November 8, 2012 9:26 am

Aviva warns of heavy loss on US sale

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Aviva outlines plans to boost share price

Aviva on Thursday told its shareholders to brace themselves for a heavy loss on the imminent sale of its US arm, adding that its search for a new chief executive had reached an advanced stage.

The UK-based insurer said the disposal would be at a “substantial discount” to its £3.2bn holding value in its accounts but would nonetheless be worthwhile because of the capital the sale would release.

“We believe any such sale would be in the best interests of the group and we are hopeful of a satisfactory resolution reasonably soon,” it said.

Thursday’s comments, made in a third-quarter trading update, were the first confirmation by the company that it was seeking to sell the US business.

The Financial Times reported in August that Aviva had received first-round bids from US-based private equity houses as well as Guggenheim Partners, a financial services group. Market speculation has placed a price tag of £1bn or so on the unit.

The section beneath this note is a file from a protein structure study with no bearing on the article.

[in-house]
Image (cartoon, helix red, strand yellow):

The British company had already written down the book value of the unit by £876m at its half-year results in August.

The US sale is at the centre of a strategy unveiled in July by John McFarlane, Aviva’s executive chairman, to shore up the group’s balance sheet and improve its share performance.

Mr McFarlane took over the leadership of the FTSE 100 group in May as an interim measure after Andrew Moss stood down as chief executive following a revolt by investors.

Under his turnround plan, Aviva is looking to withdraw from 16 out of 58 business segments within the group.

It has already sold slightly more than half its remaining shareholding in Delta Lloyd, the Dutch insurer it used to fully own. It has also agreed a deal to pull out of Sri Lanka.

On Thursday, Aviva said eight disposals – all smaller than the US deal – were likely to take place in 2013. Five other units were undergoing drastic action, such as being wound down.

Aviva said shortlisted candidates for the CEO post were being interviewed by non-executive directors, after which the board would seek regulatory approval for its preferred candidate.

The trading statement showed that Aviva’s sales for the first nine months of the year were down 5 per cent on a year earlier at £28.9bn. Shares in Aviva rose 1.2 per cent to 332.3p in early trading in London on Thursday.

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